Saturday, March 13, 2010

Update: Eating with Allergies

It's now been more than 2 months since I started my new diet, which excludes wheat, dairy, eggs and cashews, thanks to my son's food allergies. Fortunately, his skin is clearing up nicely. He is off the Zyrtec and we're using very limited amounts of steroid creams to keep the eczema under control. He looks like a healthy baby again ... whew!

My battle with the un-foods has been mostly won, I'm happy to report! There are still three un-foods that I consume on a regular (though not daily) basis: oat milk, brown rice bread, and soy yogurt. But my diet is back to almost all real foods, and I feel much better. Yay!!!!

There are two things that I was battling with when I posted about this last (see here) that have since been resolved: pancakes and eggs. I've gotten rid of my box of egg replacer, which was a super-un-food and never worked anyway, and I've found a perfectly natural and extremely healthy alternative: chia gel! I use 1/4 cup chia gel to replace each egg in any baking recipe. Check out this video to learn about the benefits of chia and how to make chia gel.

For the pancakes, I've ditched the gluten-free mixes in favor of my own wheat-, egg-, and dairy-free recipe. Here goes:

Wheat-, Egg-, Dairy-Free Pancakes
1 1/4 cup barley flour
1/4 cup buckwheat flour
2 Tbsps sugar
2 tsps. baking powder
1 tsp. salt
1 1/4 cups oat milk
1/4 cup chia gel
3 Tbsps. safflower oil
1/2 cup blueberries, frozen or fresh (optional)
Safflower oil spray
Maple syrup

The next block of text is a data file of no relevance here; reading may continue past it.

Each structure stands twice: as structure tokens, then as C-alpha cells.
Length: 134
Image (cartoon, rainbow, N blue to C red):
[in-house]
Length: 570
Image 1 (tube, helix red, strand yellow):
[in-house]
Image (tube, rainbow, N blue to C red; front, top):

Preheat a cast iron griddle over high heat.

In a large bowl, combine flours, sugar, baking powder, and salt. Set aside. In a small bowl combine the oat milk and chia gel, whisking together well. Add the safflower oil, and whisk well again. Add the liquid mixture to the dry mixture and stir together until just moistened. Fold in the blueberries.

Spray the griddle with a thin layer of safflower oil. Reduce the heat to medium-low. Spoon batter onto griddle, allowing pancakes to cook about 2-3 minutes per side. Serve drizzled with maple syrup.

Makes about 10 flapjack size pancakes.

Note: Barley flour pancakes will stick to your griddle more than wheat flour ones will, so take a little extra care in the flipping.


Marcia said...

I'm very glad that you are finding ways to eat real foods despite your son's allergies. It's a very good thing that you did to adjust your diet for him.

I remember getting panicked when the lactation nurse, before I left the hospital, told me that I shouldn't eat the following foods:
nuts, onions, tomatoes, broccoli, cauliflower, beans, and garlic

because they could give my son gas. I was so depressed at my first pediatrician's appointment... Luckily the doctor said "eat what you want, if there's a problem, we'll start eliminating stuff".

Real foods, all the way, woo! Good luck.

Ilana Kriegsman said...

I was told a lot of the same things. Very strange advice, to my mind.
Thanks for the comment!

Richie said...

so sorry to hear of your challenges with your son's allergies. I have been struggling for 10 years with allergies to milk, eggs, soy, peanuts, poultry, and yeast. As of recently, I can tolerate all but the animal products, so as long as food is vegan, I'm good! I wanted to let you know about a wonderful resource: a book called "The Allergy Self-Help Cookbook" that has many great recipes free of most common allergens. You can probably find it at your local library. the author is Marjorie Hurt Jones. Good Luck!

Ilana Kriegsman said...

Thanks, Richie! I appreciate all the tips I can get! Fortunately, I've been able to re-introduce milk to my diet with no apparent consequences. I wish you good luck with your own dietary restrictions!